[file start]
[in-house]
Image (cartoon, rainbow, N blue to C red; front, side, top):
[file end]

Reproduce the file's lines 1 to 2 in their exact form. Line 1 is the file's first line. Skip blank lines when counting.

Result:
[in-house]
Image (cartoon, rainbow, N blue to C red; front, side, top):